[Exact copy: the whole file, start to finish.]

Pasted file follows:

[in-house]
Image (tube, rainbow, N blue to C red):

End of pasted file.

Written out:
[in-house]
Image (tube, rainbow, N blue to C red):